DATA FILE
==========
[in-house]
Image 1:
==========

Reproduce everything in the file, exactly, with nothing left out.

[in-house]
Image 1: